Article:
Patients with the full genetic expression of familial hypercholesterolemia will have cholesterol levels of 400, 900, 800 and even 1,000 mg/dL, Lopez-Jimenez said.

“The problem is to identify those who only have just a partial expression of the gene,” he said. “In these patients, their cholesterol level is usually about 280 but is not necessarily extremely high to bring some obvious red flags.”

This problem is compounded by the high number of U.S. adults who have a non-genetic risk factor for above-normal cholesterol, such as obesity and following an unhealthy diet.

Therefore, anyone with high cholesterol should be asked to provide a thorough family medical history to help ascertain who has familial hypercholesterolemia, Lopez-Jimenez said. During this process, if the patient shares stories such as their “grandpa died of a heart attack at the age of 45 and two of their uncles died of a heart attack at the age of 50,” or if they have some unique findings in the physical examination, he recommended moving forward with a genetic test to ascertain if familial hypercholesterolemia is causing the high cholesterol.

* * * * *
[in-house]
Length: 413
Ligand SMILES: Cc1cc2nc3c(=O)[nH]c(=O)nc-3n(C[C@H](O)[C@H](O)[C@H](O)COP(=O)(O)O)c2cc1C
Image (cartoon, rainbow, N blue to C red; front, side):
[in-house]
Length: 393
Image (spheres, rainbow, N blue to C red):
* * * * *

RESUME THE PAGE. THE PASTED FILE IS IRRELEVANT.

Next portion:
In areas where genetic testing is not available or is difficult to get, PCPs can confirm if their patients have clinical manifestations of familial hypercholesterolemia, such as small white dots on their eyelids or irises and an Achilles tendon thicker than the normal 6 mm. These symptoms, along with high cholesterol, are other signs of familial hypercholesterolemia, and together with a high cholesterol and family history are usually enough to make the diagnosis, he said.